All non well-known ports open in firewalld open by default

Hello.

This is what I discovered after enabling a few services in Fedora Workstation:

All non well-known ports are open by default. Isn’t it a security risk?

Regards.

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Yes, this is the default configuration of Fedora Workstation.

If this is a security risk? :thinking: Security vs simplicity? :thinking:

Something to read about this decision:

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I agree, I find those default settings rather confusing. Fedora is pretty stable, pretty popular (you can order a Thinkpad preinstalled with Fedora) and really suitable for the non-developer end-users (like myself) who just wants to get stuff done without thinking about firewall settings.

Why not secure by default?

Anyone who needs those ports open (developers, test-servers, …) has the knowledge to easily punch a hole in the FW. I am honest, I don’t get it.

Whatever, close those ports or run firewall with a product other than FedoraWorkstation

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BTW if you haven’t any service listening on these ports, why using a firewall? On the other hand, if you are a rookie or an average user and you have a firewall that blocks all the ports, and you start a service that needs to listen on a port > 1024 (like VNC, like synchting, like a peer to peer service, etc.), the firewall will block it, and you don’t have the knowledge to open the firewall, and simply the service will not work and you will complain that Fedora sucks.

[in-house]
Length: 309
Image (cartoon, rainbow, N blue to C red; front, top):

However, the first security by default measure is knowing what you are doing.

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This isn’t true, the old firewall configuration used to break several GNOME features. Please read the some of the discussions alciregi linked to.

Fedora should not become an operating system that’s only useful for software developers and system administrators who know how to operate a firewall. If you’re interested in a more restrictive firewall configuration, I’d invite you to try brainstorming or designing a firewall system that works more like Windows Firewall, where the user is prompted to allow particular applications to access the network. Anything that exposes protocols or ports is too complex to expose to users. It would need to be a complete and total rethink of how a Linux firewall is designed. So far, nobody has actually been interested in developing a firewall that would meet these requirements, so we stick with firewalld in a fairly permissive configuration.

P.S. Our firewall policy is still the most restrictive of major distros that I’m aware of. There is no firewall running at all in Ubuntu or Debian, you have to enable it manually. In contrast, Fedora’s firewall does block most well-known ports by default.

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